Whether your preferred analogy is “foxes guarding the henhouse” or “wolves guarding the sheep,” both of these imply that it is unwise to assign a job to someone who will then be in a position to exploit it for his or her own desires. And these “old sayings” date back to at least the Roman times.
Yet recently our President nominated a woman to head the Council on Environmental Quality, the top environmental job in the White House, who has compared “people who believe that carbon pollution is causing climate change” to pagans and communists. And President Trump also nominated a former lobbyist for Wheeler Energy, a major coal company, and a long-time staff member of Oklahoma Senator James Inhofe, to be second-in-command to EPA Administrator Scott Pruitt. As you may recall, Senator Inhofe has referred to human-caused global warming as the “greatest hoax ever perpetrated on the American people” and even tossed a snowball in the Senate Chamber to “prove” that global warming was false.
Interestingly, during the confirmation hearings it came up that the CEO of that coal company recently presented a three-page document to Administrator Pruitt, which outlines some plans to essentially “defang” the agency. And indeed, claims were made by that CEO that some of those plans have already been implemented. That’s great.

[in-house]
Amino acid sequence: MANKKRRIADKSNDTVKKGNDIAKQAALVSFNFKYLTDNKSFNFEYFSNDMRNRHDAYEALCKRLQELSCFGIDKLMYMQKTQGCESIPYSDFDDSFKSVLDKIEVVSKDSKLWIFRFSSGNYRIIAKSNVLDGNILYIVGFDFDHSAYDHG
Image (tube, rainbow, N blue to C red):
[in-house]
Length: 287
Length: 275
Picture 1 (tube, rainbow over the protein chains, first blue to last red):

So, if those individuals are confirmed, our country’s natural environment will be overseen by individuals who obviously show little if any regard for nature.
Throughout much of human history thoughtful individuals recognized the necessity of preventing “foxes” and “wolves” from guarding “hens” and “sheep.” Today therefore, it is clear that our elected representatives must prevent exploitative individuals from “protecting” what is unquestionably our most precious asset. Although hens and sheep may be replaced if eaten, our natural environment is irreplaceable.
– Mike Kamandulis, Kersey